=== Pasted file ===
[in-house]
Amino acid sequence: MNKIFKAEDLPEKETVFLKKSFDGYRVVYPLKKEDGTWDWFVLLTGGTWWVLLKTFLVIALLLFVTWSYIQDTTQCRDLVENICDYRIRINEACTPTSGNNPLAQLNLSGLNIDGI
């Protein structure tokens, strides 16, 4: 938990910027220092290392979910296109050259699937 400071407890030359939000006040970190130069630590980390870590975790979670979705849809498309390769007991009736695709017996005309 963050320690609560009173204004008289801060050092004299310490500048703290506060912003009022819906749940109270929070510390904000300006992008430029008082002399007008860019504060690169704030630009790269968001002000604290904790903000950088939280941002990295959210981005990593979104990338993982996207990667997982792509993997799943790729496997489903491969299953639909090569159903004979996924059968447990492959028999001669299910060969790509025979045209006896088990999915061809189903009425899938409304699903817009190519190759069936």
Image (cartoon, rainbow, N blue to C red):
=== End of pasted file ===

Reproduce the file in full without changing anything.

[in-house]
Amino acid sequence: MNKIFKAEDLPEKETVFLKKSFDGYRVVYPLKKEDGTWDWFVLLTGGTWWVLLKTFLVIALLLFVTWSYIQDTTQCRDLVENICDYRIRINEACTPTSGNNPLAQLNLSGLNIDGI
């Protein structure tokens, strides 16, 4: 938990910027220092290392979910296109050259699937 400071407890030359939000006040970190130069630590980390870590975790979670979705849809498309390769007991009736695709017996005309 963050320690609560009173204004008289801060050092004299310490500048703290506060912003009022819906749940109270929070510390904000300006992008430029008082002399007008860019504060690169704030630009790269968001002000604290904790903000950088939280941002990295959210981005990593979104990338993982996207990667997982792509993997799943790729496997489903491969299953639909090569159903004979996924059968447990492959028999001669299910060969790509025979045209006896088990999915061809189903009425899938409304699903817009190519190759069936």
Image (cartoon, rainbow, N blue to C red):